Father Gregory Matthews skulked to the end of the alleyway, the street quiet. No people. No zombies. He lingered on every window for sign or movement. His eyesight deteriorated enough to make him uncertain of the shadows. The bag under his cowl cinched tight around some mushrooms and squirrel meat for Amila.
Gregory was starved and shaking, the cord of the bag painfully chafed his arm, breaking the skin. Years of prayer and fasting held him steady, holding on to the food for his sister. Most men would kill just for the mushrooms.
Praying for deliverance, he dragged himself across the street into another alley, then slipped into a door barely hanging from its hinges. The door came loose and crashed to the ground, and the priest darted across the abandoned clothing store, into a back room and hid behind a desk.
The strained groans of zombies arose, but they were off a ways. He scurried from behind the desk and followed his usual way through back rooms, stairs and hallways until he reached a skywalk, still intact. He was halfway across when a young boy, maybe fifteen, came around the corner on the other side. Clean and healthy. Gregory’s hunger overwhelmed him for a moment, inciting him to violence, his stomach burning as if it held sharp edged coals, but he pushed it down, ready to defend his sister’s meal.
The boy yelped and ran.
Fr. Matthews tried to cry out, “It’s okay! I won’t hurt you!” but he choked on the words, his throat still shredded from his screams just a few days before. Shit. He may bring others. The priest started into an awkward trot, his legs weak and in pain. He knew the temptations of this loathsome time, and disaster would find him if he didn’t hurry. Zombie snarls grew louder. He had to lose them before they caught his trail and followed him to Amila.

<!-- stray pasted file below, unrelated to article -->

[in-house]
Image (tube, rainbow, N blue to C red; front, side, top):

He took the long way, rounding a block and dodging in and out of building husks, finally waiting a few doors down from their hideaway until he was certain the zombies wouldn’t find him. Father Matthews didn’t know if his broken body could manage running to find a new refuge for them. He slid down the walkway, entered their building, and wound through the passages to their room—a defunct meat freezer that he had fitted with a lock on the inside. He prayed she was safe inside as he tapped their secret knock. The familiar thunk of her unlocking it.
In the back Amila looked up at him with her almond eyes and smiled, a hint of reticence. He tried to smile, but he couldn’t feel his lips. He reached under his cowl and produced the parcel, pulling the string to open it, mushrooms and meat squished together. She came to him and hugged him, kissing his cheek, enduring the carrion stench of his decaying flesh. For love of her brother she endured his repulsiveness, as he endured the pains of his desire for the love of Amila. The intense desire for fresh brains.